Grain Spreads

Sean LuskGeneral Commentary


Once again China is in buying US beans. This morning’s release by the USDA’s daily export sales reporting service announced private exporters sold 120,000 MT of soybeans to unknown destinations for delivery before Sept. 1. Unknown Destinations is spelled CHINA. Talk surfaced yesterday that China may have bought double the quantity. Trade this week has been low volume and low volatility ahead of the USDA’s domestic and world supply and demand forecasts on May 12. Traders are looking for a small increase in old-crop carryover to 488 million bushels. It is the USDA’s first estimate of new-crop carryover or ending stocks. The average trade guess is expected at 430 million bushels, but the range of estimates is big and offers the potential for surprises.

Futures rallies continue to be capped by a weak Brazilian currency and strong Brazilian soybean export shipments this month. Brazil government debt was downgraded this week, sending its currency to new lows against the dollar and domestic soy prices higher. Brazil is simply getting the lion’s share of China’s export business and the weak Brazilian Real is a big reason why. The next 5 to 7 days sees freeze and frost like conditions in the Great Lakes areas along with the Dakotas and potentially including a snowstorm that a big area stretching from the Eastern seaboard into New England. It may cause some re-plantings of new planted beans amid cold soils which could slow germination. The potential frost/freeze in my view in these areas would most likely cause more problems for soft red winter wheat and recently planted corn. Watch the Sunday night open for gaps on the charts either higher or lower on weather events over the weekend across the grain sector.

I think beans are cheap here given new crop ending stocks at or around 430 million. Trendline yield is coming in at a projected at 49.9 BPA. A 2 bushel per acre cut in yield tightens the balance sheet down the road. While planting is off to a rapid pace, look for it to slow with rains showing up all over the place in the 6 to 10 day. Prices in my view should rally from 8.50 to at least 9.00/9.20 to entice those to switch from planting corn to beans later in May and in June. There are gaps to the upside on the charts that in my estimation, if we rally, will be tested. I think one can layer in an option strategy, take a collection by selling a put spread and buying a call. I like this strategy especially into Tuesday’s report instead of futures as a report day bearish surprise could in my view do way more damage than the options strategy. September 20 bean chart below.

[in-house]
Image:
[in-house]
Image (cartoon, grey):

Trade Suggestions:


Options – Buy the Sep 2020 Soybean 9.00 call and at the same time sell the Sep 2020 soybean 10.00/9.00 put spread for negative 70 cents as a three way option spread. 



Options – One is taking a collection upon entry here. If filled at negative 70 cents, one is collecting $ 3500.00 on the spread upon entry minus commissions and fees. The maximum risk if beans never rally or move lower prior to option expiration, could result in a 30-cent loss. I would risk 15 cents using a sell stop at negative 85 cents, risking 15 cents or $750 plus trade costs. The risk is therefore 15 cents plus trade costs and fees. The goal is to Sell high and buy low here. To realize a credit on the way in and a collection on the way out, September beans would need to rally from 8.50 to 9.60. If we can rally to the gap, I estimate that one could cover this trade an exit at approximately negative 20 cents or in this area for a potential 50 cent gain. Sell high and buy back low.  

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Sean Lusk

Vice President Commercial Hedging Division

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